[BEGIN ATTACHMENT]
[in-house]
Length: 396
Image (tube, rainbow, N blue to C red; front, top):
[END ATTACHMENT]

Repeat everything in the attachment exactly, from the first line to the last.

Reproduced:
[in-house]
Length: 396
Image (tube, rainbow, N blue to C red; front, top):